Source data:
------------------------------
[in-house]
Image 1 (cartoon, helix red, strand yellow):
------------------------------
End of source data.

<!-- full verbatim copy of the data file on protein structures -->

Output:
[in-house]
Image 1 (cartoon, helix red, strand yellow):